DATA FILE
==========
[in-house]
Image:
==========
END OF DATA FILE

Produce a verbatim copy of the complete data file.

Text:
[in-house]
Image: